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Gardening When You Have a Bad Back

Is your bad back a real pain when you garden? If so, you’ve faced the reality that there are certain gardening methods that are easier on the back than others, such as gardening in containers or planting in waist-high beds.

But what if you want to embrace traditional gardening methods and plant straight in the ground, but can’t—or don’t want to—double dig?

Summer: Bake the Soil to Kill Grass and Weeds

In this video, Marjory shows you how to turn a patch of grass into bare soil using a simplified version of a technique called “solarizing.”

By laying a tarp or 2 mil black plastic on the would-be garden bed, weighing it down with rocks, and letting the plot bake for a few months in the summer sun, you can effectively kill grass, weed seeds, and even unwelcome soil diseases. Some research has shown that using clear plastic does an even better job killing unwanted grass, weed seeds, and soil-borne diseases.

If you live in a hot area and get a lot of sunny days, you’ll usually need to wait a few summer months before removing the black plastic.

In places where the summers are mild, wait even longer.

(Shorten this timeframe by tilling and re-leveling the soil before laying down the plastic, but it’s certainly more back-friendly to just lay down a tarp and wait!)

Autumn, Part 1: Reintroduce the Good Microbes

For solarizing to be really effective, your soil needs to reach about 150°F (66°C).

That’s hot enough to also kill some of the good microbes in the soil. In late autumn, top dress the soil with about 4 to 6 inches (10 cm to 15 cm) of good organic matter—compost, composted manure, or green manures.

We’re going for no more bad backs. So, spread the top dressing and let irrigation and earthworms pull the nutrients down into the subsoil.

(Do this each autumn to increase soil fertility.)

Autumn, Part 2: Use a Garden Fork in Rocky Soil

Preparing garden beds with a disability like a bad back.

A note here for those of you with rocky soil: Once you remove the plastic covering, apply a garden fork to soil to remove the bigger rocks.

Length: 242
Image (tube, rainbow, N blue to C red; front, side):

If you must do this yourself, be sure to use a garden fork with a long, lightweight handle. Try to keep your back straight by bending at the knees instead of the waist.

Alternately, ask a relative or friend to do it for you, or hire someone to help with this task.

Trade with fellow gardeners—the work you can’t do for the work you can. Perhaps you could provide compost in exchange for help tilling rocky soil, or seedlings in exchange for help weeding

Spring: Strategic Planning and Garden Planting

When it’s time to plant in spring, some folks with bad backs like to use a simple, homemade seed-sowing tool.

  1. Simply take a four-foot length of 2.5 inch PVC pipe and cut a 45° angle on one end. (If you buy your PVC at one of the larger home improvement stores, they will often cut it for you at no charge.)
  2. Use the sharp end of your seed-sowing tool to make holes or furrows.
  3. Hold the pipe upright. Drop the seeds in the top hole, and let them fall through to the soil.
  4. Then, use the tool to cover the seeds with soil.

When deciding what and how to plant, consider reducing the need to weed by using companion planting methods, mulch, a block-style layout—or a combination of the three.

Achieve Gardening Success—Even With a Bad Back!

It’s well-known that converting a plot of sod into a fertile garden is backbreaking work.

But, through pre-planning and gardening smarter, not harder, you can work your beds successfully—without overworking your back!

What Do You Think?

Now let’s hear from you. What tips and tricks do you use to keep your back in tip-top shape? Let us know in the comments below!

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(This article was originally published on May 29, 2017.)

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This post was written by Marjory Wildcraft

COMMENTS(32)

  • Katherine says:

    Dear Marjory, thanks a lot for the great ideas, especially the “planting pipe” – it will be my new addition to the garden tools !
    I too have back problems, AND rigid knees, so I miss having more agility in the garden.
    By sheer coincidence, my recent busy schedule hasn’t given me free time for weeding, BUT my row of tomato bushes seems to be magically flourishing this year – despite the assorted “other edible greens” that have sprung up among them. They probably shaded the ground and held back weeds – from what you said in your video?